Michael Sullivan, Former Executive Director, Indiana Association for Home Care

All of us have been members of many organizations and NAHC is simply the best there is. NAHC aspires to excellence in every respect; its staff has been repeatedly honored as the best in Washington; the organization lives by the highest values and has demonstrated a passionate interest in the well-being of patients and providers.

Elaine Stephens, Director of Home Care of Steward Home Care/Steward Health Systems and former NAHC C

Home care increasingly is one of the basic building blocks in the developing system of long-term care.  On both economic and recuperative bases, home health care will continue to grow as an essential service for individuals, for families and for the community as a whole.

Former U.S. Senator Olympia Snowe (R-ME)

NCOA is excited to be part of this great event and honored to have such influential award winners in the field of aging.

National Council of Aging

Health care at home…is something we need more of, not less of.  Let us make a commitment to preventive and long-term care.  Let us encourage home care as an alternative to nursing homes and give folks a little help to have their parents there.

Former President Bill Clinton

President Obama’s Council of Advisors on Science and Technology Recommends Expanding Access to Telehealth and Broadband to Allow Older Americans to Stay at Home

Keeping People Healthy at Home Saves Medicare and Medicaid Expenditures, Report Says
March 25, 2016 12:11 PM

On March 15, 2016, the U.S. President’s Council of Advisors on Science and Technology (PCAST) released a report titled “Independence, Technology, and Connection in Older Age,” which includes recommendations for helping older Americans live independent and connected lives in their homes for as long as possible. The recommendations include ensuring older adults have broadband Internet access at home, as well as access to telehealth services and regular connection to caregivers. The report recognizes that the United States is “an aging society” and cited data from the U.S. Census Bureau indicating that 46 million Americans—about 15 percent of the total US population—were over the age of 65 in 2014, due to increasing life expectancy and healthier aging.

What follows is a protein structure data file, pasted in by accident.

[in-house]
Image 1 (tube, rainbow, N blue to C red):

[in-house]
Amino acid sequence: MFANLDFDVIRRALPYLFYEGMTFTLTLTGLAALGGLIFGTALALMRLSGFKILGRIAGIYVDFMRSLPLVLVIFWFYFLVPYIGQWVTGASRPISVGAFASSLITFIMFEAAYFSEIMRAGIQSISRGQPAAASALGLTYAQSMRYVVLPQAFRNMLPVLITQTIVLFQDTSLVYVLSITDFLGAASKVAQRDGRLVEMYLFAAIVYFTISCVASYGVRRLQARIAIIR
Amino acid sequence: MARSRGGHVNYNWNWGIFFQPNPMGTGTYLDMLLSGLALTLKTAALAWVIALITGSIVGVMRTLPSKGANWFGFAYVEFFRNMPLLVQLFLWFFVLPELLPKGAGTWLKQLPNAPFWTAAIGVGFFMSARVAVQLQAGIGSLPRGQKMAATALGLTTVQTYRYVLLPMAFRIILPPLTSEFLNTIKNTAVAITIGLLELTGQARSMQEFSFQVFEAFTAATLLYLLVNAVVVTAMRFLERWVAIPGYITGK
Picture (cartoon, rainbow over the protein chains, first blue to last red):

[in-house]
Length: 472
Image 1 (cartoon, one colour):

“With many Americans wishing to live in their homes and communities for as long as possible, technology such as prosthetics, wearable sensors, and other tools for daily living can make that possible,” said Christine Cassel and Ed Penhoet, members of PCAST and co-chairs of the PCAST Working Group on Independence, Technology, and Connection in Older Age.

The report states that many older adults would like to age in place and remain in the home and community that they have lived in for years. It cites an AARP survey estimating that almost 90 percent of older adults would like to stay in their homes for as long as possible. The report further states that, in addition to improving people’s quality of life, keeping people healthy in their homes can reduce Medicare and Medicaid expenditures.

Among its recommendations, the report states that there are additional steps the Centers for Medicare and Medicaid Services (CMS) should take to improve telehealth. “While there are legislative restrictions on how Medicare can cover telehealth,” the report states, “CMS can act by increasingly incorporating telehealth in Alternative Payment Models, demonstration projects, and Innovation Center models. The CMS Innovation Center has already included expanded access to telehealth in the Next Generation ACO model program and in the Bundled Payment for Care Improvement Initiative, and further action would be welcome. In addition to Medicare, CMS can increase the number of state Medicaid waivers that allow for more use of telehealth in Medicaid programs. Actions by these two large payers would have ripple effects and remove significant barriers.”

Additional PCAST recommendations include:

  • Federal actions to expand affordable access to broadband in the homes of seniors and to provide support for training.
  • The Department of Health and Human Services (HHS) should convene the Federation of State Medical Boards and the National Governors Association to accelerate reciprocal state licensure policies. CMS should use the full capacity of the Innovation Center to advance payment policies that support innovation in telehealth.
  • HHS should work with the Department of Housing and Urban Development to streamline and strengthen regulations and payment policies that govern home accessibility standards in order to promote uniform standards allowing efficient use and changes in technological support systems.

The full report is available here.